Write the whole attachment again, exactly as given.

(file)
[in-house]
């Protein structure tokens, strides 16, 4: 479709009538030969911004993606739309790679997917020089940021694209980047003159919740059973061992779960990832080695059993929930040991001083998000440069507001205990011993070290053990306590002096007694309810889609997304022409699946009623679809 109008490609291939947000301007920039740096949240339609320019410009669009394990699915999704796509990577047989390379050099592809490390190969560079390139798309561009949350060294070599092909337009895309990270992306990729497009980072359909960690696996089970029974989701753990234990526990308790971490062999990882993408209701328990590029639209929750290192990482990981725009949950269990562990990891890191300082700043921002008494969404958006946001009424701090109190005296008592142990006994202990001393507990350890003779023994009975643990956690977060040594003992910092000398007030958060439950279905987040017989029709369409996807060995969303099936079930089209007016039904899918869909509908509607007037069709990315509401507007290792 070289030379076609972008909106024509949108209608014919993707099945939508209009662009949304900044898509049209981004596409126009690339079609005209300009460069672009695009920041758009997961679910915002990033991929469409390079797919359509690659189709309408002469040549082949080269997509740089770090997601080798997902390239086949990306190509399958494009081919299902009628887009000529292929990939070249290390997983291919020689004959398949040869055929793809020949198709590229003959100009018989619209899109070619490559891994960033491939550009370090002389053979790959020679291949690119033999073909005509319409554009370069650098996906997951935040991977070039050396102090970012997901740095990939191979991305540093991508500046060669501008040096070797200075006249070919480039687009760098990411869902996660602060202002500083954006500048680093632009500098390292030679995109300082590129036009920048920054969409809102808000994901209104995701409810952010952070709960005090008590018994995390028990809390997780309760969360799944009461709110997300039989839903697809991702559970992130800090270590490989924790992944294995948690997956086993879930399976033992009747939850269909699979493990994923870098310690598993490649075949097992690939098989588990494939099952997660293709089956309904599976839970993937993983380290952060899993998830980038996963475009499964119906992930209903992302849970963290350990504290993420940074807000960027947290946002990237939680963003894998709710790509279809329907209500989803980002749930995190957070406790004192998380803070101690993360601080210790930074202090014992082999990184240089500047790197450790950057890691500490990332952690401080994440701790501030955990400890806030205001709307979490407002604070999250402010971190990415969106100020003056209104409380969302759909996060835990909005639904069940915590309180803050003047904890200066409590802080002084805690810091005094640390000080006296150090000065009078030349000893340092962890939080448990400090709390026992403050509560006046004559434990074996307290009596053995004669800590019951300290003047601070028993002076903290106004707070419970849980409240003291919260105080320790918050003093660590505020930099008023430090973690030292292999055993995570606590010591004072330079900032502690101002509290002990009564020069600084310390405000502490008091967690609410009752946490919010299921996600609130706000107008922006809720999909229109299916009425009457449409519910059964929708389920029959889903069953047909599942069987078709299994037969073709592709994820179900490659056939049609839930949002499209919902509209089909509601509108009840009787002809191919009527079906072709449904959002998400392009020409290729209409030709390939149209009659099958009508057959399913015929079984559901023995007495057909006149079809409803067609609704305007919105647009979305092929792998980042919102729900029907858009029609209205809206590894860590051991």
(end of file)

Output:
[in-house]
């Protein structure tokens, strides 16, 4: 479709009538030969911004993606739309790679997917020089940021694209980047003159919740059973061992779960990832080695059993929930040991001083998000440069507001205990011993070290053990306590002096007694309810889609997304022409699946009623679809 109008490609291939947000301007920039740096949240339609320019410009669009394990699915999704796509990577047989390379050099592809490390190969560079390139798309561009949350060294070599092909337009895309990270992306990729497009980072359909960690696996089970029974989701753990234990526990308790971490062999990882993408209701328990590029639209929750290192990482990981725009949950269990562990990891890191300082700043921002008494969404958006946001009424701090109190005296008592142990006994202990001393507990350890003779023994009975643990956690977060040594003992910092000398007030958060439950279905987040017989029709369409996807060995969303099936079930089209007016039904899918869909509908509607007037069709990315509401507007290792 070289030379076609972008909106024509949108209608014919993707099945939508209009662009949304900044898509049209981004596409126009690339079609005209300009460069672009695009920041758009997961679910915002990033991929469409390079797919359509690659189709309408002469040549082949080269997509740089770090997601080798997902390239086949990306190509399958494009081919299902009628887009000529292929990939070249290390997983291919020689004959398949040869055929793809020949198709590229003959100009018989619209899109070619490559891994960033491939550009370090002389053979790959020679291949690119033999073909005509319409554009370069650098996906997951935040991977070039050396102090970012997901740095990939191979991305540093991508500046060669501008040096070797200075006249070919480039687009760098990411869902996660602060202002500083954006500048680093632009500098390292030679995109300082590129036009920048920054969409809102808000994901209104995701409810952010952070709960005090008590018994995390028990809390997780309760969360799944009461709110997300039989839903697809991702559970992130800090270590490989924790992944294995948690997956086993879930399976033992009747939850269909699979493990994923870098310690598993490649075949097992690939098989588990494939099952997660293709089956309904599976839970993937993983380290952060899993998830980038996963475009499964119906992930209903992302849970963290350990504290993420940074807000960027947290946002990237939680963003894998709710790509279809329907209500989803980002749930995190957070406790004192998380803070101690993360601080210790930074202090014992082999990184240089500047790197450790950057890691500490990332952690401080994440701790501030955990400890806030205001709307979490407002604070999250402010971190990415969106100020003056209104409380969302759909996060835990909005639904069940915590309180803050003047904890200066409590802080002084805690810091005094640390000080006296150090000065009078030349000893340092962890939080448990400090709390026992403050509560006046004559434990074996307290009596053995004669800590019951300290003047601070028993002076903290106004707070419970849980409240003291919260105080320790918050003093660590505020930099008023430090973690030292292999055993995570606590010591004072330079900032502690101002509290002990009564020069600084310390405000502490008091967690609410009752946490919010299921996600609130706000107008922006809720999909229109299916009425009457449409519910059964929708389920029959889903069953047909599942069987078709299994037969073709592709994820179900490659056939049609839930949002499209919902509209089909509601509108009840009787002809191919009527079906072709449904959002998400392009020409290729209409030709390939149209009659099958009508057959399913015929079984559901023995007495057909006149079809409803067609609704305007919105647009979305092929792998980042919102729900029907858009029609209205809206590894860590051991």